Excel uses HTTPS to connect to the service, in an effort to protect your data. However, you should not use this technology on sensitive data.


What it is not

This is not an official shipping Microsoft technology. It is actually less than even a beta. It may crash, it may produce incorrect results, it may be shot down at any time. BTW, I would appreciate if you posted note here or on the Microsoft data mining forums if this happens (particularly about crashes, I should probably know if it gets shut down)!


What next

Well, try the tools: . I recommend downloading the Excel 2007 add-in, rather than using the web application, as it is more functional. Post any questions you might have on the Microsoft data mining forums. And check out this blog periodically for announcements (typically new additions to the web interface) or for more details on how this stuff works

12 Responses to “Data Mining for the Cloud (or how I spent my summer)”

  1. Bogdan, this stuff ROCKS. I was absolutely blown away. I’m doing a presentation at SQLPassCamp in Germany next week, and I’m showing some slides of this to show the attendees how your team is really on the cutting edge of BI in the cloud. Really great work. I’ll put together a more BI-oriented presentation in a week or two after I’ve played with it more.

    If there’s ever anything I can do to help, let me know! And have a great weekend!

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  3. […] connaitre tous les détails sur ce projet, c’est ici : Data Mining for the Cloud (or how I spent my summer)  Filed under: _ English / Anglais, _ Francais / French, […]

  4. Hi Bogdan,

    I just wanted you to let you know the application of TAT in academia. Our group (for computer network course) used to analyze bluetooth traces and how to utilize this information in delay tolerant networks (DTN).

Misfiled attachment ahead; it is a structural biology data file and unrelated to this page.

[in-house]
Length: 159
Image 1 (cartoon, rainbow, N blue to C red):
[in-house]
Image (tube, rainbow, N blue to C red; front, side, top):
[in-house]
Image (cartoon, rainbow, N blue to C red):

Here were the major motivations for using TAT:
    1. We had large amount of data available (after processing) in csv format which could be easily opened in excel.
    2. We were asked to derive inference on the traces that could be used in field of both DTN and social networks. Going through each trace manually is cumbersome and not feasible.
    3. Four of my project members had no background in Data Mining and SQL Server.
    4. Everyone had Excel installed on their machine.
    5. They were reluctant to download SQL Server and install it just for one experiment. Also, they were not inclined to learn data mining as it was not their domain. So, TAT for cloud proved to be ideal fit.



  5. […] - bookmarked by 6 members originally found by buttergod on 2008-11-14 Data Mining for the Cloud (or how I spent my summer) - bookmarked by 2 members originally found by iamdsg on […]

  6. you might be interested to take a look at the collection of videos and tutorials on data mining using R.

  7. you might as well check out the collection of videos and tutorials on Data- applied.

  8. you might as well check out the collection of videos and tutorials on WEKA.

  9. hi
    can i compare the effectiveness of two data mining algorithms i.e k-means and o clustering using cloud computing?

  10. […] Amazon already has adopted a framework that allows people to do datamining on the already existing Amazon EC2 and Amazon S3 cloud computing services. Some more technical views on data mining for the cloud (at least for SQL Server based clouds) can be found at DM(X). […]

  11. Hi
    What i’d like to know is other than the ease of use does Excel based mining provide anymore advantages? And how is the future like for Excel table analysis tool?

  12. @donovan — I strongly believe that Excel based mining provides quite a few advantages, besides ease of use. Integrate data preparation and reporting features plus web publishing of reports (via Sharepoint) come to mind. The company I currently work for,, is a great way to look at the future of the excel table analysis tools